Mac DeMarco This Old Dog


I can’t deny that I swoon when I hear this buck-toothed Canuck’s languorous, pellucid guitar-tone, but I also yawn during extended confrontations with his unflagging commitment to mellowness. Unfortunately, the guitar takes a backseat to dinky retro keyboards here, and he bombards us with ex-girl laments that he probably thinks sound awful wistful, but end up coming across as the whines of yet another indie sad sack. His one good lyric – “I’m home, there’s moonlight on the river / everybody dies” – appears on the tune about the death of his deadbeat dad, and he squanders it by closing the song with three minutes of tepid noodling. It’s high time for this old dog to learn some new tricks.


Album Review: Death, Nihilism, and Folkies

Fleet FoxesCrack-Up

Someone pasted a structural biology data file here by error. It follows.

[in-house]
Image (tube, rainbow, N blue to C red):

When the fleeced flocks who admire this Seattle outfit told me to expect a foray into ‘progressive folk’, I wasn’t sure what that meant. Upon listening, I’ve learned that it doesn’t mean waxing poetic about the joys of single-payer healthcare, although there are moments of gentle social commentary. (One of the best moments on the album comes when chief songwriter Robin Pecknold, singing about an experience at a protest, warbles, “I was in a river, as if in water”.) Rather, it means that tunefulness and structure are replaced by churning, baroque texture. The result is that these purveyors of merely pretty ditties have become purveyors of merely pleasant Songs. As far as lyrics go, I’m all for literary ambition, but Pecknold’s need to endlessly annotate his own words online and in liner notes suggests that he thinks that his allusions are so deep as to require unpacking, when the truth is that they’re simply too weak to stand on their own. It’s hard not to suppose that this change has been precipitated by his stint at Columbia’s great books program, given the classical references and whatnot. So he can namecheck Grendel in old English – my old college had a fraternity named Heorot.